Football hero

A new statue at Franklin Field will honor Penn alum and NFL Hall-of-Famer Chuck Bednarik. Known as “Concrete Charlie,” Bednarik played for the Quakers from 1945 to 1948, and then for the Philadelphia Eagles from 1949 to 1962.

Historic Palestra floor makes a rebound

Known as the “Cathedral of Basketball,” the Palestra opened in 1927 and has grown into one of the most historic collegiate arenas in the nation. The celebrated gymnasium has hosted more games and visiting teams and NCAA tournament games than any other college facility in the country.

Greg Johnson

Putting the Palestra on film

Mikaelyn Austin remembers visiting the Palestra as a high school senior, during her Penn recruiting trip, and seeing a photo of former Penn basketball star Michael Jordan sitting atop one of the arena’s hoops, swinging the recently cut net over his head after a momentus win.

Tim Hyland

Law prof gets handed a labor football

This past January, while half the country was huddled around the TV watching the Super Bowl and scarfing down Buffalo wings, David Berger Professor of Law Stephen Burbank was in sunny San Diego, taking it all in live.

Sandy Smith

In the News

Steve Donahue and the Quakers look to draw on last year’s success

In preparing for this season, coach Steve Donahue and the players acknowledge they could all feed off last year's success.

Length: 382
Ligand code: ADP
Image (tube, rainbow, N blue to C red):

A.J. Brodeur, fresh off a trip to the NCAA Tournament, wants to keep adding to Penn’s basketball legacy

Brodeur, who was named the Most Outstanding Player of the Ivy League Tournament, is looking to win the first game in the NCAA Tournament this season, and help bring the team to the Sweet 16.


Eleah Parker, fresh off rookie-of-the-year season, is looking to lead Penn women’s basketball this year

During her first season at Penn, Parker was a two-time Ivy League and Big 5 player of the week, eight-time Ivy League rookie of the week, and two-time USBWA national freshman of the week.


The New York Times

Ivy League football saw large reduction in concussions after new kickoff rules

The Perelman School of Medicine’s Douglas Wiebe authored a study that found a reduction in concussion rates in football players after a change to kickoff rules. “It’s great to see a success story here,” said Wiebe. However, he added, “we do need to step back and think about the rest of the game.”



Football concussion rates plummet after one simple rule change, study shows

Penn researchers have found that adjusting the kickoff line by 5-yards prevented players from getting up to “full speed,” dramatically reducing the likelihood of a concussion-inducing tackle. “It’s a real public health success story,” said Douglas Wiebe of the Perelman School of Medicine.